My standard rate is $250/hour. I typically recommend 1.5 hours for a Zoom session and two hours for an in-person session.

At this time, my sliding scale spots are fully booked. If you come from a background without access to wealth and are a person of color, queer, trans, gender nonconforming, nonbinary, intersex, and/or disabled, please contact me to be added to my waitlist for sliding scale spaces.


Surrogate Partner Therapy requires a triadic structure; the client, therapist, and surrogate work together continuously for the duration of the work. The client processes each of our sessions with their therapist, and the therapist and I check in regularly to ensure the client is supported.

If you are currently seeing a therapist and would like to work with me, contact me so we can discuss next steps. I am unable to work with clients who do not currently have a therapist.

If you have a therapist but aren’t sure if they’ll be on board to be part of the surrogate partner therapy triad, here’s a blog post I wrote with some tips on how to talk to your therapist about surrogate partner therapy.




If you are not currently seeing a therapist and want to work with me, here are some tips on finding a therapist:

  • If you have health insurance, I recommend reaching out to your insurance company to find out their policy on therapy, which can save you a lot of money. If they offer coverage for mental health, ask them how you can find an in-network therapist, or do a Google search for therapists who accept your insurance.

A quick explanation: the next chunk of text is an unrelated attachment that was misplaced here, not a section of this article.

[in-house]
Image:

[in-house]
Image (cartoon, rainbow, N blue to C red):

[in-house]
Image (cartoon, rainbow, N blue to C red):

• Sex therapists and sex coaches tend to be more familiar with surrogate partner therapy than the average practitioner, so doing a Google search for sex therapists or sex coaches in your area is a good direction to start in.
  • Other types of therapists who I’ve found tend to be more open to collaborating on surrogate partner therapy include holistic therapists, somatic therapists, and therapists who use alternative medicines and approaches.
  • I don’t typically recommend asking your therapist about surrogate partner therapy the first time you meet. For therapists who are unfamiliar with the work, it can raise red flags about a client’s intentions (e.g., “are they truly interested in doing self-work or are they just trying to have sex?”). I encourage clients to build a trusting relationship with their therapist before they broach this topic, which can take several weeks or even several months.
  • One exception to this is if you have been in therapy in the past and are looking for a new therapist specifically to oversee your surrogate partner therapy journey. In this case, I do think it’s appropriate to bring up surrogate partner therapy in your first session. Tell your therapist about your therapy journey up to this point, what limitations you found with the therapy you received before, and why you think surrogate partner therapy is a good fit for you. Be open to answering your new therapist’s questions; check out this blog post if you need tips on talking with them. If a therapist tells you they’re not interested in collaborating on a surrogate partner therapy case, don’t push it; it’s best to find a therapist who is supportive of your goals.
  • If a therapist has concerns that surrogate partner therapy is not the right fit for you, I always recommend hearing them out. Not all clients who think surrogate partner therapy is what they need are actually ready to take on this work. If a therapist tells you they don’t think surrogate partner therapy is the right fit for you, ask them what next steps they think would be supportive to your goals around intimacy, relationships, and sex.